The food is no-nonsense bistro fare (start with celeriac remoulade and half a dozen snails, followed by a piece of beef with pepper sauce and chips, or veal Marengo) and watch the waiters in action. They move at breakneck pace, scribbling orders down on the white paper table ‘cloths.’ Remarkably patient, they lack the authentic shoulder-shrugging rudeness of most Parisian waiters – that will change, however, if you yell out ‘garcon’ in cod French. Prices are very reasonable – you can easily have two courses with wine for less than £20 a head, but get here early. The lunchtime queue forms at about mid-day, even earlier at weekends (www.bouillon-chartier.com).
Nearby: Boulevard Saint Germain, Institut de France.
Afternoon nap: Hotel de Buci (www.buci-hotel.com).
The 6eme arrondissement has become the most expensive area in Paris; a two-bedroom flat can cost £2million. Once a student enclave – and a key battleground in the 1968 riots when cobblestone-lobbing demonstrators took on the French police – only the richest of students can now afford to live here.
The sleek and trendy Alcazar, designed and once owned by the late Sir Terence Conran, is an airy, plant-filled space with plenty of room and an inventive menu. Vegetarians, unusually in this city of carnivores – will not be disappointed; they will find at least a handful of dishes to suit. Some main courses – such as ceviche with guacamole – reflect ‘fusion’ rather than French food, but you will also find a handful of classics. Lunch £60 a head, dinner £80 (www.alcazar.fr).
Enjoy brilliant food in an understated setting at Brigitte before strolling to the Arc de Triomphe, which lies nearby
Brigitte (above) offers a superb wine list that’s strong on white Burgundies
Nearby: Parc Monceau, Arc de Triomphe.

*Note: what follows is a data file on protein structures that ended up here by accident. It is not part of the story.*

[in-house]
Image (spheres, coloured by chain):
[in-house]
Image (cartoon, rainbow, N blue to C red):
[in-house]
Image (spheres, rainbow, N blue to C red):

Afternoon nap: Hotel Duette (www.hotelduette.com).
Brigitte styles itself as an informal bistro but it is much more than that. It’s a serious restaurant, not quite in the Michelin-star league but offering brilliant food in an understated setting.
Close to the lovely Parc Monceau, in one of the city’s most expensive areas, it has built up a loyal clientele. It’s popular with well-off families for Sunday lunch and gourmand businessmen – they tend to let their belts out a notch on Friday lunchtimes, so if you want to go then, make sure you book.
The menu is classic bistro, with some trendier innovations. Expect hearty staples such as oeufs en cocotte with lentils, hare stuffed with truffles and foie gras and blanquette de lotte (monkfish in a white wine and cream sauce). A three-course lunchtime menu is excellent value at £27; but an a la carte dinner can easily nudge £100 a head. Superb wine list, strong on white burgundies, starting with a Petit Chablis at £27 (www.restaurantbrigitte.fr).
Afternoon nap: Hotel Lutetia (www.hotellutetia.com).
Helene Darroze is part of a new wave of female Parisienne chefs whose flair has forced many men chefs back into the kitchen for a rethink. She splits her time at this two-Michelin-starred restaurant – in the swanky sixth arrondissement – and the Connaught in London, for which she holds three stars.
The ever-changing menu makes the most of ingredients and techniques from the southwest, the region that she still calls home. It might include duck foie gras, blue lobster poached in tandoori butter and pigeon from Aquitaine. This is a serious, spacious restaurant, with serious prices. The lunch menu comes in at about £90 each (without drinks), a full-on nine-course blow-out dinner for two with wine pairing will set you back £824.
Although the prices here can be eye-watering, the atmosphere, unlike many Michelin-garlanded restaurants is unstuffy. That’s partly because the local clientele – drawn from fine art and fashion – are relaxed in their wealth. In these parts, even the billionaires wear chinos (www.marsanhelenedarroze.com).
LA BOITE AUX LETTRES
A short menu offers unexpected gems at La Boite aux Lettres, which lies in the outrageously touristy Montmartre neighbourhood
Lunch is £30 a head at La Boite aux Lettres
Landmarks: Sacre Coeur, Montmartre Museum
Afternoon nap: Hotel Particulier Montmartre (www.hotelparticulier.com).
Even in the autumn and winter tourists invade Montmartre, the picturesque little community on the hill that is both separate from the city and inexorably linked. During the day the area reaches peak tackiness, with the Place du Tetre inundated with hungry crowds.
Conventional wisdom has it that you should not eat anywhere in Montmartre, nor buy the rip-off art – and some of the ‘restaurants’ are indeed truly awful, charging rip-off prices for abysmal food.